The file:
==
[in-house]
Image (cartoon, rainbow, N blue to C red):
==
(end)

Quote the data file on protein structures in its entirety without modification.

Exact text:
[in-house]
Image (cartoon, rainbow, N blue to C red):